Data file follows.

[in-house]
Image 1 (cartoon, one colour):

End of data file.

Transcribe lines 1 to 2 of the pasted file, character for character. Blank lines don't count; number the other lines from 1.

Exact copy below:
[in-house]
Image 1 (cartoon, one colour):